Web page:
By Jennifer Bjorhus

Knight Ridder Newspapers

MAPLEWOOD, Minn. -- Scotchgard is back.

The familiar plaid aerosol can never really disappeared from the shelves. But Scotchgard's journey back to the market has been rocky -- and the stain-repellent is still missing from the furniture upholstery industry. 3M Co.'s venerable line of fabric protectants -- so ubiquitous that "Scotchgard" became a verb -- has been struggling since the Environmental Protection Agency pressed 3M in 2000 to stop using the chemistry behind the spray.

New formula safer?

Maplewood-based 3M, which has lost two-thirds of its former $300 million-a-year Scotchgard business, hopes to rebuild it to $500 million by 2008. Finally finished with its phase-out and armed with a new formula it says is safe and better than ever, 3M is launching major Scotchgard replacements this summer, marketing them like new products.

Clothing pretreated with Scotchgard will reappear in stores this summer, with the debut of the new Scotchgard aerosol spray for consumers. A new ad campaign is slated for this winter. And Scotchgard is headed for places it hasn't been before, in eyeglass lenses and in paint.

But it can't happen fast enough for Wall Street, which wants to know what's taking so long even as the EPA sharpens scrutiny of the chemical family behind both Scotchgards, old and new.

And there's some confusion among Scotchgard customers.

"I thought they discontinued this stuff," said a woman picking up a can of the new Scotchgard at 3M's recent shareholders meeting.

For nearly 50 years 3M has marketed Scotchgard, a bedrock brand that evolved after some rubber particles a chemist cooked up in 1953 accidentally splattered on her assistant's tennis shoe. The stubborn goo wouldn't come off.

Scotchgard grew to encompass some 100 products -- most based on a key chemical known for its remarkable ability to repel nearly anything people threw at it. The chemical breaks down into perfluorooctane sulfonate, or PFOS, a man-made substance that is part of a family of chemicals characterized by chains of carbon atoms of various lengths bonded to fluorine atoms, yielding armor-like compounds. PFOS has a chain of eight carbon atoms, or C8.

But PFOS began showing up everywhere: in polar bears, dolphins, baby eagles, tap water and human blood. So did its eight-carbon cousin perfluorooctanoic acid, or PFOA, which 3M sold to other companies such as DuPont for use in products like Teflon.

The two man-made perfluorochemicals don't decompose in nature. They kill laboratory rats at higher doses, and there are potential links to tissue problems, developmental delays and some forms of cancer.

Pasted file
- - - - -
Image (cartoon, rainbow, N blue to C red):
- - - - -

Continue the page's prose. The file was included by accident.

3M knew much of this because it had studied the chemicals for decades. It insists that at typical low levels found in Scotchgard and elsewhere the chemicals posed no health or environmental risk.

Lawsuit over exposure

A former employee has sued the company over exposure to perfluorochemicals at the company's Decatur, Ala., plant. 3M says the case has no merit.

Yet accounts differ as to whether 3M voluntarily phased out the problematic C8 chemistry or was pressured by the EPA after the company shared its data in late 1999. The EPA concluded PFOS was toxic. Either way, the phase-out was largely completed last December, although 3M still makes small amounts of PFOA for its own use in Germany. 3M, which still monitors chemical plants in Cottage Grove, Decatur, and Antwerp, Belgium, insists there are no risks for employees who handled or were exposed to the chemicals.

The phase-out went unnoticed by most consumers as 3M rapidly substituted another, less-effective spray for consumers. But the move stunned industrial clients -- the bulk of Scotchgard's business. 3M's chemists scrambled to reformulate Scotchgard for all its markets: the aerosol spray for general consumers, which 3M has fixed twice and is reintroducing this summer; carpet mills, for whom 3M found a substitute right away; the apparel industry, where 3M just introduced a substitute; and the upholstery industry, where Scotchgard remains on hiatus. The lags have hurt.

"It was awful for a while," recalled Robert Beaty, vice president of sales for The Synthetics Group in Pennsylvania, one of the largest finishers of furniture upholstery. "We've called them several times to see what's going on."

The replacement aerosol-can Scotchgard that 3M first distributed to stores didn't work as well as the original. It was based on a non-perfluoro chemistry and worked on water but not grease. Nothing repels like perfluorochemicals, 3M concluded. The challenge was to find safe ones.

3M settled on perfluorobutane sulfonate, or PFBS, a four-carbon cousin of the chemical in the old Scotchgard, as the building block for Scotchgard's new generation.

"For providing protection you almost can't do it without a fluorochemical, short of plastic slipcovers," said Michael Harnetty, vice president of 3M's protective materials division.

The new C4-based Scotchgard is completely safe, 3M says. The company adds that it has worked closely with the EPA and has performed more than 40 studies, which are confidential. The EPA won't release them.